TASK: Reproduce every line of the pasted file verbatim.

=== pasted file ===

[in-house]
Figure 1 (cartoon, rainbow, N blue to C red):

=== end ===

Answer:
[in-house]
Figure 1 (cartoon, rainbow, N blue to C red):